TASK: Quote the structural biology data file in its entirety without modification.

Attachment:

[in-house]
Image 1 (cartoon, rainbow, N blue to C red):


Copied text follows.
[in-house]
Image 1 (cartoon, rainbow, N blue to C red):